Jasmine Campbell, the St. John native representing the U.S. Virgin Islands in the Winter Olympics in Sochi, Russia, put her "best boot forward" in her final event Friday, cracking the top 50 in the women’s slalom.
Campbell said she approached her final event – which was held at night under the lights – with a "nothing-to-lose attitude."
"I was positively stoked for the slalom," she said in a statement released through the Virgin Islands Olympic Committee. "This was my last race in Sochi and I just wanted to make the best of it, try my hardest and try to make those supporting me proud. I loved that the hill was so steep and challenging – I’ve never skied anything so steep and icy in my life,” she said.
“I had a great time gritting my teeth and fighting the good fight though,” she added. “I was fired up and really wanted to finish and be in the top 50."
Campbell completed her first run down the slalom course in 1:06:09, and then trimmed almost two seconds off that time, completing her second run in 1:04.28. She finished in 43rd place, 25.83 seconds behind gold medal winner Mikaela Shiffrin of the United States.
Shiffrin became the youngest person – male or female – ever to win gold in the Olympic slalom, barreling down the slope in 52.62 in her first run and an even faster 51.92 in her second to defeat defending champion Marlies Schild of Austria by half a second.
The bronze medal went to Austria’s Kathrin Zettell.
Campbell finished just behind Turkish skier Tugba Kocaaga, who placed 41st, and Elise Pellegrin of Malta. She beat Ivana Bulatovic of Montenegro, which placed 44th, and 45-place Kenza Tazi of Morocco.
Campbell was born in 1991 on St. John. When she was 9 her family moved to Idaho, where she began skiing and soon was racing. In January she was picked by the VIOC to represent the territory in the Russian games after posting qualifying times in international competitions.
Tuesday she competed in the giant slalom, finishing 56th on as sloppy course that rain and warm temps had turned into slush.
Friday under the lights was different, she said.
"The conditions were incomparable. In the GS I was wishing for windshield wiper blades attached to my goggles, but today the rain had ceased by the time the race began. Really it was lucky it was scheduled so late in the day," she said. As for the late start of the competition, she added, "I’ve never raced at night and was surprised to find that I really enjoyed it. I thought I would be tired, but it was nothing a strong cup of nighttime coffee couldn’t cure."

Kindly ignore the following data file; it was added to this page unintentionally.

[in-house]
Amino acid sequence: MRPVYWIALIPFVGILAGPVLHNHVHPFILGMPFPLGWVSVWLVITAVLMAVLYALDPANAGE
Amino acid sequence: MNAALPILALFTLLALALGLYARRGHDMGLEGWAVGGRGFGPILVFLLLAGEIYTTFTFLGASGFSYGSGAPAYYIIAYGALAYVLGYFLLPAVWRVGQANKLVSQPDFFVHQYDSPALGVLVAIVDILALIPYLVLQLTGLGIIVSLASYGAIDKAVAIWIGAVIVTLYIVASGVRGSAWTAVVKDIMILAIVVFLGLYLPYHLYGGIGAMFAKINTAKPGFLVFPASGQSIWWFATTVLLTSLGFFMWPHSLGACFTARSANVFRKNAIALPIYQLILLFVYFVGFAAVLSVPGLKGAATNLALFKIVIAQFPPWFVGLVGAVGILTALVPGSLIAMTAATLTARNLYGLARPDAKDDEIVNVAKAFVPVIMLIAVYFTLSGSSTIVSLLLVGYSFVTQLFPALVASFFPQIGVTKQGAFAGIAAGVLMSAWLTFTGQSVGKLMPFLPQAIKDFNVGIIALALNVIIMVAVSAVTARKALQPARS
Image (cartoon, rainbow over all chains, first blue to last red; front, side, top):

The experience of Tuesday’s event helped her Friday, she said.
"I felt much more at ease going into the slalom since I already knew how to handle the pressure after completing the GS. During the GS, I was just trying to acclimate myself to my surroundings and get a feel for the difficulty of the course and hill. For the slalom I had more of a nothing-to-lose attitude. I just wanted to go for it, finish and hope for the best," she said. "The racing was just as intense as it was in the GS, but I felt more collected, focused and excited."
With the games drawing to a close, Campbell called her time in Sochi, "arguably the most amazing experience of my life."
"I came here in pursuit of one of my passions, and I believe that following where your passions lead is the richest and most fulfilling way to live," she said. "It didn’t really matter to me that I wasn’t a medal contender because that is not the only thing the Olympics is about. It’s about generating international camaraderie, awareness and understanding of cultural difference.”
“I’ve learned a lot from my time here and the journey that led to this moment,” Campbell continued. “I’m a better, stronger more capable person because of it. I’m so blessed to be here and so grateful for those who’ve supported me throughout this process. I’m positively overcome with gratitude for this amazing opportunity I’ve been given. It truly is the highest honor that has ever been bestowed upon me."